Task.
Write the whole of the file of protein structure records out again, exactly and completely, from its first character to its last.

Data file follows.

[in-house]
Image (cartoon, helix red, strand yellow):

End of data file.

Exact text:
[in-house]
Image (cartoon, helix red, strand yellow):